As my wife likes to say to me when she greets me at the door with a kiss, "You are welcome at home, my darling.” 

Caught between his Wife and His Mother

Bob is caught between the two women he loves, his wife and his mother. His wife Elena is quite upset and hurt because she does not feel accepted by her mother-in-law. She also feels Bob does not protect her from her mother-in-law' s criticism and intrusions into their daily lives.
Bob does not draw the line for his mother, and limit how much say she can have in their lives. He does not put her in her place when she gets out of line. 
Of course, Bob's mother has the same complaint about Bob not forcing his wife to be more respectful toward her. Is he in charge or isn't he? She thinks he should be more of the man of the house and not let his wife control him.
Bob's wife feels he should grow up and not let his mother dictate his behavior.
Elena wants to be accepted into his family. She is happy to serve and help his mother, but not keep the house, raise the children or live her life according to his mother's ideas. She feels insecure in her place in the family. She feels she is being constantly undermined, that no one has faith in her ability to raise her children, cook, or maintain a household.
Bob's mother, on the other hand, believes she is just trying to help. She has had many years of experience raising four children who turned out fine. Why wouldn't Elena want her advice? She loves her son Bob and wants the best for him, and that is why she tries to help Elena become a better wife.
Bob is afraid of both of them. He does not want any conflicts in his life. He cannot communicate effectively with either of them. He wishes they would just solve their problem between themselves and not involve him.

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He can find no solution because whenever he speaks to his wife, she sounds right. But when he goes to speak to his mother, she also has her points too. Thus, Bob avoids them both as much as possible. 
Both women alternate between the roles of victim and perpetrator and Bob becomes silent to the point of aloofness as much as he can. There are times, however, when he cannot stand it any longer and shouts at both of them, but they seldom take him seriously because they know he is afraid of conflict.
What do they all need to learn from this situation?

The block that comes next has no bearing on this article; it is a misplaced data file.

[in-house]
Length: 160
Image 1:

Does she need to learn some of the following lessons:
To love and accept her mother-in-law as she is and forgive her for her weaknesses and negativity?
To express her needs and feelings more clearly, more lovingly and more assertively?
To free herself from feeling guilty when she is unable to satisfy her mother-in-law' s needs or demands?
To be able to say "no" without feeling guilty or believing there will necessarily be a conflict, or that the other will stop loving her?
To believe that her mother-in-law can hear the truth and discuss any situation maturely like an adult?
To free herself from childhood experiences in which she was programmed to believe others would not respect her needs, or would criticize her or be unable to communicate peacefully? 
To cultivate more positive feelings toward her mother-in-law? 
To look for her mother-in-law's positive qualities and see her as a teacher?
To be able to work out some type of practical agreements in which all feel that some of their needs are being fulfilled?
Does he need to learn some of the following lessons:
To overcome his fear of conflict?
To learn to express his opinions and needs clearly without fearing there will be conflict?
To let his wife and mother work out their problems for themselves?
To see if there is a part of himself that is being expressed by his wife toward his mother and by his mother toward his wife? 
To learn to love and accept them as they are?
To not be bothered by their conflicts?
To be more assertive.
Bob's Mother:
That Elena needs to learn by herself and not constantly through her advise?
To let go of her son?
To have more confidence in her daughter-in-law and give advice only when asked?
To occupy herself with other interests so she does not dwell so much on her son's family?
Let us hope they find the maturity necessary to analyze themselves, identify their lessons and decide to change themselves so they can once again find harmony and love.
Ultimately, Bob needs to step up and become the head of the household. Once that happens, his wife and his mother-in-law will fall more in line.